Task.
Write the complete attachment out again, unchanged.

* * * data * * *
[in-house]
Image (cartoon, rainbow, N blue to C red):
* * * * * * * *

[in-house]
Image (cartoon, rainbow, N blue to C red):